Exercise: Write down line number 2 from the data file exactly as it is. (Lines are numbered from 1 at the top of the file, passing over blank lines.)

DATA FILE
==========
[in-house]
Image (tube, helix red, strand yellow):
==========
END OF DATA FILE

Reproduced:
Image (tube, helix red, strand yellow):